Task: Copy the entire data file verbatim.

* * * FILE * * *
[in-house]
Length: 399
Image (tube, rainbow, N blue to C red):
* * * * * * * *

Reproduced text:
[in-house]
Length: 399
Image (tube, rainbow, N blue to C red):